Hi, I’m Ken Cross with Sales Performance International. I’m the Director of Sales Enablement Solutions on our innovations team at SPI.

How does SPI’s enablement technologies drive behavior change and consistency?

Driving behavior change through day-to-day application of the process and methodology is critical for clients who want to achieve a sales transformation. It’s important that sellers know how to operate, know what good looks like, and are able to really get their hands on that process and methodology daily.

We take a pragmatic approach by layering the process, methodologies, and tools within the CRM system. All are aligned against critical sales competencies or those competencies that are most relevant to driving behavior change. So, if a seller, for example, is struggling with a specific, strategic or very high level competency, our tools and technology could help to reinforce the right behaviors by showing them what to do and how to do it. Then, they’re given the tools to execute.

How do competencies affect sellers and how they operate daily?

With our enabling technologies, it’s important to ensure that there’s an alignment with the strategic competencies. Therefore, within our enabling technology tools, we provide a library of short video assets that are aligned against those strategic competencies. If a seller, for example, is struggling within a specific area, they’ll have a video they could watch to help reinforce what good looks like.

These videos, or reinforcement assets, are typically only two to three minutes in length. They’re easy to consume, easy to understand, and then very easy to apply. The assets are aligned against some of those most relevant competencies that your sellers may be working on. If they’re struggling in a specific area, they’ll have reinforcement assets at the ready to help them to remediate against those issues.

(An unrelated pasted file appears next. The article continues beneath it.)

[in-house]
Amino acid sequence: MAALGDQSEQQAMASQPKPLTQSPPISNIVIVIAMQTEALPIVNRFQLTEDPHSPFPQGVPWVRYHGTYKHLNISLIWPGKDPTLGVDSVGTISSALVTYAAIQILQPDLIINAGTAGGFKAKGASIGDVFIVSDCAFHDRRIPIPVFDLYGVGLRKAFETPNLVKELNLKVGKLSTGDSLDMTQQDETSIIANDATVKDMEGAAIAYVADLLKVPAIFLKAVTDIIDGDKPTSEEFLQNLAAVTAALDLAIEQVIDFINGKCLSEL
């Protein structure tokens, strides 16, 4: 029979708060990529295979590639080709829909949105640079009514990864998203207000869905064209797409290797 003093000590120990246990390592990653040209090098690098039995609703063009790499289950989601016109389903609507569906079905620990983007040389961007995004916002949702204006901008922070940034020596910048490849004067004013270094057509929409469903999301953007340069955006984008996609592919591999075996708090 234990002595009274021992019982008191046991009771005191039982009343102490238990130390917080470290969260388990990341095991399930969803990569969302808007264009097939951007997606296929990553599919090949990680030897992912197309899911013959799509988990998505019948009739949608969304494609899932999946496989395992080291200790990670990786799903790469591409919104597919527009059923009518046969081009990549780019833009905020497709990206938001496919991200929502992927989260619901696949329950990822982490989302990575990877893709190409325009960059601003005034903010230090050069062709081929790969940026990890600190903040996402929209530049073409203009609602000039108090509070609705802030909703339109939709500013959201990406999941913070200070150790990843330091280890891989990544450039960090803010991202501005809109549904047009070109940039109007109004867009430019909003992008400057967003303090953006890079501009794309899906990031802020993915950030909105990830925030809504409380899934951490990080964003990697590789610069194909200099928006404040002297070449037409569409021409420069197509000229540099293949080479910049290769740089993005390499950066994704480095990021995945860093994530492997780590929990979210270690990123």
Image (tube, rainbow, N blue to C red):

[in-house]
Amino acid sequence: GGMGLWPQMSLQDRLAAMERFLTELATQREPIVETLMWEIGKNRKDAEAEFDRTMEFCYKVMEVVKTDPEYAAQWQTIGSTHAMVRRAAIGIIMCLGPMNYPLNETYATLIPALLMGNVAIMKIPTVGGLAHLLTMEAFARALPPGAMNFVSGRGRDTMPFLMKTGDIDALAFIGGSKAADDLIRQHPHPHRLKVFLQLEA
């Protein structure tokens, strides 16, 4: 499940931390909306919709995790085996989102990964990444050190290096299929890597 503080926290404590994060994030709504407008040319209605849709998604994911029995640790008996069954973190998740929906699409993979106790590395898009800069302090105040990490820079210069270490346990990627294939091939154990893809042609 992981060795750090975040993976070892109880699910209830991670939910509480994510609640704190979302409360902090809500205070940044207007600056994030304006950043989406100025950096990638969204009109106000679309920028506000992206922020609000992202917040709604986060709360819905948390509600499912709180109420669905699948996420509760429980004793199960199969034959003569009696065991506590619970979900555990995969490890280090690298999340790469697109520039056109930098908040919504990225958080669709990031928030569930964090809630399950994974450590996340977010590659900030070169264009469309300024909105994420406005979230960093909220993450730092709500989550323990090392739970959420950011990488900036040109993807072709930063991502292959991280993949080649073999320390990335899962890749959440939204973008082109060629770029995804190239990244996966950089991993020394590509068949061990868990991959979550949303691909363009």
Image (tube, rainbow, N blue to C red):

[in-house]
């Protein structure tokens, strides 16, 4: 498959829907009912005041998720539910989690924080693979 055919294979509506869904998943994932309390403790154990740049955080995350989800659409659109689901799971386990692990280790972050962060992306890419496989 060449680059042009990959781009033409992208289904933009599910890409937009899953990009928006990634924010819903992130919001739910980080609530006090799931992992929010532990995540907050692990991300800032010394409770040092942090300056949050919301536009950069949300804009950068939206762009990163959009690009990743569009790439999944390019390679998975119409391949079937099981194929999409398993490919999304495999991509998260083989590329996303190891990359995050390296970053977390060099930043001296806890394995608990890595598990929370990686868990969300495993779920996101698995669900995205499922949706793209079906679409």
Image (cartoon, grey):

How does SPI technology support sellers at the situational level?

Our enabling technologies are also designed to help sellers when it comes to specific situational scenarios. For example, our tools are focused around showing sellers what to do and how to do it, and then giving them the tools to actually go and execute. Let’s look at a real-world example.

Let’s say that a seller was struggling with a specific competency. Let’s imagine that is having strategic conversations with decision makers. That might be something the seller struggles with. The playbooks in these enabling technologies could remind the sellers of what to do and how to do it. and then give them the tools to make it happen. The “what to do” in this case is to prepare for that sales conversation, think plan it out. Understand what potential pains might be at play, the reasons for those, and map out what questions to ask.

Using NanoLessons

Now, a seller who’s struggling with a competency that’s related to this activity might need a quick refresh or reminder on how to execute. In that case, we provide them with what we call NanoLessons. “Nano” means very short, small, digestible, and easy-to-understand video assets. In this case, typically two to three minutes and mobile enabled, so that they can watch them anywhere, on-the- go.

Introducing Smart Apps

Now, the sellers need to prepare for that sales conversation and execute. That’s where we provide them with interactive templates, called “Smart Apps,” that’ll help them map out that conversation. These Smart Apps are also anchored by a best practice library. Before they even get started, they could bring up examples of what good looks like, based on the specific selling situation that they’re entering. This helps drive the what and how to do it, and gives them the tools to make it happen – all aligned against those specific competencies where a seller may need support.